Posts Tagged tor

Possible Flaw in TOR Network

The Tor network, which allows for anonymous browsing on the internet, may have been cracked by researchers.

From Gizmodo:

Tor believes this attack came from researchers at Carnegie Mellon’s Computer Emergency Response Team, not an identity thief (or, uh, the government). CERT researchers abruptly canceled a highly anticipated talk they were going to give about the possibility of deanonymizing Tor at the Black Hat conference this year, kicking off speculation that they’d successfully pulled it off.

From Ars Technica:

The campaign exploited a previously unknown vulnerability in the Tor protocol to carry out two classes of attack that together may have been enough to uncloak people using Tor Hidden Services, an advisory published Wednesday warned. Tor officials said the characteristics of the attack resembled those discussed by a team of Carnegie Mellon University researchers who recentlycanceled a presentation at next week’s Black Hat security conference on a low-cost way to deanonymize Tor users. But the officials also speculated that an intelligence agency from a global adversary might have been able to capitalize on the exploit.

, , ,

No Comments

NSA Targeted TOR Network With Malware


Initial investigations traced the address to defense contractor SAIC, which provides a wide range of information technology and C4ISR (Command, Control, Communications, Computers, Intelligence, Surveillance, and Reconnaissance) support to the Department of Defense. The geolocation of the IP address corresponds to an SAIC facility in Arlington, Virginia.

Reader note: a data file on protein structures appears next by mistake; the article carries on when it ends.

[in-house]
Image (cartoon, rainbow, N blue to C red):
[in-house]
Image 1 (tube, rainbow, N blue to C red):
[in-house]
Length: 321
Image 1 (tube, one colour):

, , , , , , ,

No Comments

Keeping The NSA Out of Your Life

The Washington Post has a list of some things you can do to increase your security and make it harder for the government to keep tabs on you.

If recentreports are to be believed, the National Security Agency has broad powers to capture private information about Americans. They know who we’re calling, they have access to our Gmail messages and AOL Instant Messenger chats, and it’s a safe bet that they have other interception capabilities that haven’t been publicly disclosed. Indeed, most mainstream communications technologies are vulnerable to government eavesdropping.

Here is an explanation of TOR, software that allows anonymous browsing on the internet:

, , , , , , , ,

No Comments